Last week I lectured to my yoga class about the different paths of yoga practice. All seven had the same outcome: to reach enlightenment and oneness with the Divine. Each path takes a slightly different approach to how to practice and six of the seven intersect in Raja yoga which is considered the most complete or “royal” path. This is the one that contains the 8 limbs that I have been studying in the Gates book and most often refer to in my practice.
However, it occurred to me over the weekend that of late I have been spending more time on Jnana yoga (the path via knowledge and study). I have a lot of questions in life, I guess that’s another way of saying that I’m a human. And recently the questions I’ve had have been about my own life, but also how to practice yoga better. How to be a better me and a better yogi. I’ve been reading different books this summer on yoga (May, July, and currently started The Yoga-Sutra of Patanjali: A New Translation and Commentary by Georg Feurstein) to further my education and constantly thinking about what my future entails.
The other night while preparing for my lecture I thought about how I’d really like to advance my yoga training. To do this I have to choose one of three routes. I either need to find a physical discipline of yoga that I want to adhere to and submit to a training that costs thousands of dollars and a good chunk of time away from my family to complete. Or, I can choose to get a second master’s degree in order to label myself as a yoga therapist (see a really great opinion on this topic by Leslie Kaminoff here). Finally, I could just take a purist approach to yogi and find a guru to follow and devote my life to the study. I kind of choose the latter option with a tinge of the second and maybe someday concede to the first.
This leads me to believe that I have not come anywhere close to reaching enlightenment as I feel like I’m still needing to learn so much. Perhaps I’ll never feel complete in that sense. The eternal student if you will. I want to continue to study on my own, but welcome feedback and insights from others. If you want to sign on to be my pseudo guru, please, I welcome your knowledge. I also believe, unlike Kaminoff, that there needs to be some standardization in teaching yoga in the fitness setting. There is way too much liability out there in practicing yoga without a safety net (see W. Broad’s book here).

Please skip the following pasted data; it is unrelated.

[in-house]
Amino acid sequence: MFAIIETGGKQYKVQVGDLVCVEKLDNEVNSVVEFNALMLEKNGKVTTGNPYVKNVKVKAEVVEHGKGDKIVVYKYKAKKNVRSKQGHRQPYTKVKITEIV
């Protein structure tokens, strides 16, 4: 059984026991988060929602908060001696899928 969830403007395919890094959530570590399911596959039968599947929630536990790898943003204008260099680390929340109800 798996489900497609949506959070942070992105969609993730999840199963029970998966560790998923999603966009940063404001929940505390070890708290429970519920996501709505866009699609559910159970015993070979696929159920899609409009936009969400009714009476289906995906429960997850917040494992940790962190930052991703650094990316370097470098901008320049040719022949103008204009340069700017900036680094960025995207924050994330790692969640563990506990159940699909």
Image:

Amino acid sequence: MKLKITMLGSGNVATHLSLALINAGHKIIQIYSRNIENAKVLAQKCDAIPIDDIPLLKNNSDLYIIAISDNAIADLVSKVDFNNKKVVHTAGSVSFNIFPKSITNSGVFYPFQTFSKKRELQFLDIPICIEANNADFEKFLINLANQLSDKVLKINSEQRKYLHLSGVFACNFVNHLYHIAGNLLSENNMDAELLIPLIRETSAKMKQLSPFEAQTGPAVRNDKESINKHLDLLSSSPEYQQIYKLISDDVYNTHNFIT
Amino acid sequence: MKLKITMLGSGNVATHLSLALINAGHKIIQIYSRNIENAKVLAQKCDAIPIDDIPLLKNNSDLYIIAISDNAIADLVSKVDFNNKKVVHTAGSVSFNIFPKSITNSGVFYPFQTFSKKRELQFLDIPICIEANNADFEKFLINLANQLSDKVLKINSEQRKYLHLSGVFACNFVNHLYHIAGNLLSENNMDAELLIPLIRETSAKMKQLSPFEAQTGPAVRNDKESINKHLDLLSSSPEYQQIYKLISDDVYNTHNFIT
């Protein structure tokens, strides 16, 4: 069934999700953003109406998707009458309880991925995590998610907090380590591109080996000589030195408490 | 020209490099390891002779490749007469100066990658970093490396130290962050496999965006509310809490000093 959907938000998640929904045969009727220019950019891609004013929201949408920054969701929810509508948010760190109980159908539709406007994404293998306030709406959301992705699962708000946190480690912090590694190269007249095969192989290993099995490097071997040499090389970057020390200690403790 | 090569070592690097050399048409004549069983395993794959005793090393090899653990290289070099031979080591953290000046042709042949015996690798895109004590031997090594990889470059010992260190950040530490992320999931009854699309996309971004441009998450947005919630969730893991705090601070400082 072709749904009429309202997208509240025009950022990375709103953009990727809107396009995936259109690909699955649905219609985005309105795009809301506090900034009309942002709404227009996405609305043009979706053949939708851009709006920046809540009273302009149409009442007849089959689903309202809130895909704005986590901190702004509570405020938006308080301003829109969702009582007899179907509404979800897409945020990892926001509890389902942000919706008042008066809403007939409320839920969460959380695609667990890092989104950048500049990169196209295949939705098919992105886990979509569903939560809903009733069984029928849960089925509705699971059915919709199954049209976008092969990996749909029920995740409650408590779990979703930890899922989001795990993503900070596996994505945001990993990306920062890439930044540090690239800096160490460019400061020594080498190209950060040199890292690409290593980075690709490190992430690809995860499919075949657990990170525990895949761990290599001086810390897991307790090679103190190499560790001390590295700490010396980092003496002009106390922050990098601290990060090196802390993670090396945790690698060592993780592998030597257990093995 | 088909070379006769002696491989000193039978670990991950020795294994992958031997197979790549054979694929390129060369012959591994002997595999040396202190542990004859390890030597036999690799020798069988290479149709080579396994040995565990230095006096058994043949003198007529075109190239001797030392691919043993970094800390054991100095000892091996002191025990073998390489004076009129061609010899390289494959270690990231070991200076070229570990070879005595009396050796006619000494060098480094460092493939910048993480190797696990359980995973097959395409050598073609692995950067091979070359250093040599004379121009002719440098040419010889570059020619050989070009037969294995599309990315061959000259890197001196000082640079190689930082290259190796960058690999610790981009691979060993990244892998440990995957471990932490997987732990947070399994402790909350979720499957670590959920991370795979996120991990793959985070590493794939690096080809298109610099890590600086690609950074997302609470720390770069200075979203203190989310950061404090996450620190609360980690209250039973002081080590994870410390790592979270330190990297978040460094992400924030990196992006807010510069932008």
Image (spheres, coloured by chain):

The bottom line is this. I’ve heard a lot of people say that yoga is just not for them and really, I was there 10 years ago before I started my journey. The journey has been slow and has taken many turns. It has started as purely a physical practice (the Hatha path) and has evolved as I have grown as a person. It has been there for me through many challenges in my life and helped me celebrate when I’m up. I encourage you to give it a try and to seek out as much information on the practice as you can. Yoga can be life changing and is changing mine every day. I would love to be there with you when your life is changed and I would love for you to share your insights into how to better mine. Gates says in his Day 17 reading regarding yoga, “This is not a test, and you will not be found lacking.” (p.23) In yoga you are you, you can be whole, you are not judged, you are welcomed and loved.